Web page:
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I'm writing a Windows console application in C++ and would like to return zero on success and a meaningful error code on failure (i.e., S_OK should return 0, and E_OUTOFMEMORY should return a different return value than E_FAIL and so on). Is the following an okay approach?:

int wmain(int argc, wchar_t *argv[])
    HRESULT hr = DoSomething();
    return (int) hr;

Or is there a better way? Maybe a standard Win32 API function or macro that I'm forgetting or failing to find?

share|improve this question
You accepted the answer that said to leave the cast in, which you don't need. – GManNickG Aug 2 '09 at 18:58
It's a matter of style, I guess, but just because you don't need the cast, doesn't mean it shouldn't be there to make it explicit that you definitely mean to convert the HRESULT to an int. – Brian Aug 4 '09 at 18:22
up vote 4 down vote accepted

HRESULT is just a 32-bit integer, with each code being a different value, so what you are doing is what you want.

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If what he wants is for success to sometimes be represented by a non-zero value (S_FALSE?). But he did say he wants to return zero on success. – Paul Mitchell Aug 2 '09 at 19:17

The OP wants a return value of zero to indicate success. There are success codes which are non-zero and so...

if ( SUCCEEDED( hr ) )
    return 0;
return hr;
share|improve this answer
+1 it is not enough assuming S_OK == 0, SUCCEEDED( ) should be used. – Anders K. Aug 2 '09 at 11:41
Good catch. Voted up. Still, in this case, I think I want to return a different value for S_FALSE and the like. – Brian Aug 4 '09 at 18:23

There is an implicit conversion, so the cast is unnecessary.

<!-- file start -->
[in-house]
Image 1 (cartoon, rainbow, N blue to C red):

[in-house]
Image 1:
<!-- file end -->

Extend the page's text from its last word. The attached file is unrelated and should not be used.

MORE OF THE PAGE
(Rather more unfortunately, there is also an implicit conversion to bool, and to the Win32 BOOL typedef, so S_OK converts to false and all other values (including errors) convert to true - a common source of errors in COM programs.)

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The "better way" is to use a C++ style cast:

HRESULT hr = DoSomething();
return static_cast<int>(hr);

Otherwise, like Steve said, it's just an integer. It is defined as a long, not an int, but instead of casting from HRESULT to long to int, you can obviously just do it in one maneuver.

(That is to say, windows.h makes the assumption that long will be a 32-bit integer, which the C & C++ standard's do not guarantee. But that's just how things go, I suppose.)

Even better is that this does not require a cast at all.

share|improve this answer
As a matter of fact, since HRESULT is just a typedef for 'long' you don't even need a cast at all. – Michael Burr Aug 2 '09 at 7:58
Hm, funny what happens when you stop looking at the big picture. – GManNickG Aug 2 '09 at 8:00

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